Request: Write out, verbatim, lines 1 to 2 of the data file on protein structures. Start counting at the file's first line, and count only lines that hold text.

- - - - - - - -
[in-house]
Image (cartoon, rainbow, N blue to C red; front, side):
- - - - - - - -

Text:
[in-house]
Image (cartoon, rainbow, N blue to C red; front, side):